Early morning sun sparkling on the heavily frosted landscape. Across the meadow, a majestic Red-tailed Hawk perched high in a dead tree. The month of November dawned bright this year, on the heels of October’s Superstorm Sandy. A strange mix of severe weather and achingly beautiful days. Rain showers and a snow storm, mild daytime temperatures and cold nights, more sunshine than usual.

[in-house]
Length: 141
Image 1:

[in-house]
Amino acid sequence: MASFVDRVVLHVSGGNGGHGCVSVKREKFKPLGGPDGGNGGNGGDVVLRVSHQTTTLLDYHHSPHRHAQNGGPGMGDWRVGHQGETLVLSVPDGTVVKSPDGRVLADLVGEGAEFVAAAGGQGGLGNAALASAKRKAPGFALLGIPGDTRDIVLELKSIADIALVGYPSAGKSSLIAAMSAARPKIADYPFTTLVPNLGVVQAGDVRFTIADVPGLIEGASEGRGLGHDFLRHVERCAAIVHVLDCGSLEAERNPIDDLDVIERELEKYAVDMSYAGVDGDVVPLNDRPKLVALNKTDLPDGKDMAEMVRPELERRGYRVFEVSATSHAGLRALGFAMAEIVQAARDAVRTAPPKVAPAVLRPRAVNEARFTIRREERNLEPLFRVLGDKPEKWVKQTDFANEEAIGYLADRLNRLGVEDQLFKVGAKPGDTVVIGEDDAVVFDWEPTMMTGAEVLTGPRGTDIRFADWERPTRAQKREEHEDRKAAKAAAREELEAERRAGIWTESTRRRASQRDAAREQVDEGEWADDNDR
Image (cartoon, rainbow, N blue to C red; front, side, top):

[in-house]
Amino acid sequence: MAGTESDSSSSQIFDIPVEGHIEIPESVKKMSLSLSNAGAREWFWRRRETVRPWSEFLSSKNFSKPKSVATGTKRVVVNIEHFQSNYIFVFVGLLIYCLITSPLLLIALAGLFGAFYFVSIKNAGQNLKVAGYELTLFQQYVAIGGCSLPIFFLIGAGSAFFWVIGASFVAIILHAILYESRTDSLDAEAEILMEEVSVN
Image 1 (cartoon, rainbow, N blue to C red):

Last week, a few days on the southern coast of Maine. Nature and solitude, sea air, fresh fish and lobster, hearty bakery breads – and expanses of sandy beaches in the pockets between tourist sprawl and development. Summer houses and amusement parks, boarded up for the upcoming winter, echoes of farms and fishing harbors, now gone. Nature reserves and state parks, lighthouses, rocky headlands and beaches – all still open for walking. The historic Laudholm Farm, preserved as the headquarters for the Wells Reserve, with trails across woodlands, grasslands, marshes and barrier beaches. Here and there, sections of the Rachel Carson National Wildlife Refuge, dedicated to protecting native wildlife from the ravages of modern civilization. Estuaries to buffer against coastal storms and pollutants, a mix of salt and fresh water. A landscape of mud flats, tidal salt marshes, freshwater wetlands, sand-dunes, forested uplands, and coastal meadows. Teeming with seabirds. Eider ducks floating close to rocky shores, a lone heron fishing in the river. Gulls, pipers and plovers scurrying about along the edge of the sea. The smell of sea and salt, pine and juniper, mingling with scents of musky, swampy estuaries and salt marshes. A tangle of muted autumn colors, beach grass, brambles of bittersweet, bayberry and wild roses. Rocky tide pools pink at sunrise and sunset. Walks on rocky cliffs and along immaculate, uncluttered stretches of beach. The sea air, salty-sweet, still fresh in my lungs.